Would you drive any differently if you knew there was a teenager behind the wheel of the car in front of you?
You might find out soon. A first-in-the-nation law in New Jersey will require new drivers ages 21 and younger to display identifying decals on their vehicles.
Gov. Jon Corzine signed the law Wednesday; it takes effect next year.
The decals will probably be a small reflective rectangle attached to the front and rear license plates to help police enforce restrictions on probationary drivers, motor vehicle officials said.
Police will use them to determine whether teens are violating the state driving curfew and passenger restrictions, said Pam Fischer, director of the New Jersey Division of Highway Safety.
Authorities will not use the decals to target young drivers or pull them over for no reason, she said.
The decals are long overdue and will save lives, said Ron Gesualdo, owner of Gene’s Driving School in Matawan.
“The parents are for it,” he said. “The kids don’t say anything, but you know what they’re thinking.”
One of those kids thinks the decals will only mean more trouble for teenagers.
“That’s going to mean police are going to be bothering us even more,” said Tebvon Mcneil, 18, of Paterson. “They see that sticker on the car, they’re just going to be pulling us over for no reason. Are there drugs in the car? That’s the first thing they’re going to think, because we’re teenagers.”
And not everyone thinks the new law will improve driver safety. Jennifer Collins, a 29-year-old Hamilton resident, wondered whether the stickers will distract other drivers who are looking for them in traffic.
“That really doesn’t make any sense to me, honestly,” she said.
Officials are considering using Velcro to attach the decals, so they can be removed by other drivers using the same car.
“It will probably be nondescript and simple, and the public at large is probably not even going to notice it,” Fischer said.
The decals were among a slew of new driving restrictions Corzine signed for young adults with probationary licenses, which allow them drive unsupervised under certain conditions.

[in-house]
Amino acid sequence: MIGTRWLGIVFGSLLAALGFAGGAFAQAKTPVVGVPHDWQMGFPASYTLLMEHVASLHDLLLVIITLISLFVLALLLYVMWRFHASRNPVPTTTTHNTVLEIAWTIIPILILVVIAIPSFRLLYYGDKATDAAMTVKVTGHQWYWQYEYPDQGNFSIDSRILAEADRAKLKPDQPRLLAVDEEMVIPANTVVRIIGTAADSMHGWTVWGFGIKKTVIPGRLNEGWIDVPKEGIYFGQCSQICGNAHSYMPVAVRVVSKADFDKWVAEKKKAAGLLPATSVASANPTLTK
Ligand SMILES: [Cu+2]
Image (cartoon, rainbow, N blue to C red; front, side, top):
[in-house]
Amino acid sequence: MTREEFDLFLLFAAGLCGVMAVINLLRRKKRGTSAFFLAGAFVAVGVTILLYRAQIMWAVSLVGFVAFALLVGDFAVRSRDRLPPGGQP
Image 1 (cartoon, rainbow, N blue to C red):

Other restrictions include changing the driving curfew to 11 p.m. from midnight; allowing only one other teenager in the car; and banning the use of cell phones, even hand-free ones.
“These restrictions are in place because they represent the things we know put teens at risk,” Fischer said.
New Jersey is the first state to require the decal, although Delaware and Connecticut have toyed with the idea, said David Weinstein, spokesman for AAA Mid-Atlantic.
The Delaware Department of Transportation is considering offering residents a reflective orange magnet that says, in black, capital letters: “NOVICE DRIVER.” The magnets would be voluntary, said Dawn Hopkins, department spokeswoman.
According to the Insurance Institute for Highway Safety, 61 percent of teenage passenger deaths in 2007 occurred in vehicles driven by another teenager. Twenty percent of all passenger deaths occurred when a teenager was driving.
New Jersey’s decal law was spurred by the driving death of a 16-year-old honor student in Morris County, Kyleigh D’Alessio, who was killed in 2006 riding in a car driven by a teenager with a probationary license.
“No issue is more important than protecting our children, so these efforts are essential to that,” Corzine said. “We don’t want to lose the beauty and the gifts that a Kyleigh could bring to all of us, and we need to take every step possible to make it something that doesn’t occur in the future.”
Contributing to this report were Associated Press writers Geoff Mulvihill in Mount Laurel, Samantha Henry in Chester and Eli Segall in West Windsor; and AP researcher Monika Mathur.
Received Id AP109105F344090F on Apr 15 2009 15:49
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